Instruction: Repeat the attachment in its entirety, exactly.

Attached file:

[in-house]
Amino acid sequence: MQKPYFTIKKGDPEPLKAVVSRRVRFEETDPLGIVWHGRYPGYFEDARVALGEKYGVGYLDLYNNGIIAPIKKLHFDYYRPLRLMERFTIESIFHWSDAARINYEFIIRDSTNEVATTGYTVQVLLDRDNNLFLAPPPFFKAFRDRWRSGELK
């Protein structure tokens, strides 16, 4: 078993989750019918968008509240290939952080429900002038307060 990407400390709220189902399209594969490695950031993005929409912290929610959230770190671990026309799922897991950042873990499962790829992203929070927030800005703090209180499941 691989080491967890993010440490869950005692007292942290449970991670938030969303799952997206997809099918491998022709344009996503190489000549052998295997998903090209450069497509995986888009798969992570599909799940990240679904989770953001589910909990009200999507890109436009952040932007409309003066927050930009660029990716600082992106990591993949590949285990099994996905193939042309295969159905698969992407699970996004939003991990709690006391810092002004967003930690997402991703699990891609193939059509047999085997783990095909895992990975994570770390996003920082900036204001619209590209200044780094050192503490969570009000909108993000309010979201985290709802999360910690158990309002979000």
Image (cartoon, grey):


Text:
[in-house]
Amino acid sequence: MQKPYFTIKKGDPEPLKAVVSRRVRFEETDPLGIVWHGRYPGYFEDARVALGEKYGVGYLDLYNNGIIAPIKKLHFDYYRPLRLMERFTIESIFHWSDAARINYEFIIRDSTNEVATTGYTVQVLLDRDNNLFLAPPPFFKAFRDRWRSGELK
């Protein structure tokens, strides 16, 4: 078993989750019918968008509240290939952080429900002038307060 990407400390709220189902399209594969490695950031993005929409912290929610959230770190671990026309799922897991950042873990499962790829992203929070927030800005703090209180499941 691989080491967890993010440490869950005692007292942290449970991670938030969303799952997206997809099918491998022709344009996503190489000549052998295997998903090209450069497509995986888009798969992570599909799940990240679904989770953001589910909990009200999507890109436009952040932007409309003066927050930009660029990716600082992106990591993949590949285990099994996905193939042309295969159905698969992407699970996004939003991990709690006391810092002004967003930690997402991703699990891609193939059509047999085997783990095909895992990975994570770390996003920082900036204001619209590209200044780094050192503490969570009000909108993000309010979201985290709802999360910690158990309002979000």
Image (cartoon, grey):